I would vote for a GO111MODULE=both: Imports are searched for in the GOPATH/src and in the modules cache. If imports can be found in GOPATH, they are excluded from module dependency management.

If I miss something and there is an article out there explaining why modules cannot be created in the GOPATH, please point me to it. I googled a lot, but no luck.

@FredFoo

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commented Apr 10, 2019

BTW, my current workflow is this now:

  • setup the environment using GOPATH
  • create an alias for the go command: alias gomod='GO111MODULE=on go mod'
  • initiate with gomod init
  • download deps with gomod download
  • create vendor directory using gomod vendor

Everything else like build or install is done using the normal go command.

If you introduce new or delete existing dependencies in your code, name them in your go file's import statement and then run

  • update deps with gomod tidy
  • update vendor with gomod vendor

So far I am happy with this, because I will get to use propper dependency management, witch can be automated, does not need additional tools like dep and gives me a simple way to a clean vendor directory.

But if you drop the search-for-imports feature of the GOPATH - me fucked! :))

@FredFoo FredFoo changed the title cmd/go: [modules + gopath] rewrite fails for subpackage - please save our beloved GOPATH cmd/go: [modules + gopath] replace fails for subpackage - please save our beloved GOPATH Apr 10, 2019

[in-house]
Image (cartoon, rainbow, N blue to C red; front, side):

@jayconrod

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commented Apr 10, 2019

Hey @FredFoo, you'll need to include module paths in your import declarations. If you have a go.mod file in hlog, it should contain the line module git.private.home/Dumper/hlog, and you'll need to import that package with import "git.private.home/Dumper/hlog".

Avoid using replace directives for remapping imports. replace directives have two main uses: 1) you need to use a temporary fork of an upstream module (e.g., because you're waiting for a bug to be fixed) and 2) you want to use another module in the same repository at HEAD instead of a published version (useful for making changes in multiple modules with a single commit). In both cases, you need to import packages in replaced modules with the original import paths.

You can find more information at: